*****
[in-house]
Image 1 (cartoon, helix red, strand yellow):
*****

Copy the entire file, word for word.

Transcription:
[in-house]
Image 1 (cartoon, helix red, strand yellow):